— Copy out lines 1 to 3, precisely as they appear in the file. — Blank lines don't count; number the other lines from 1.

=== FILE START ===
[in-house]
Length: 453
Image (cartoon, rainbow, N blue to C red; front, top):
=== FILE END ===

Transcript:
[in-house]
Length: 453
Image (cartoon, rainbow, N blue to C red; front, top):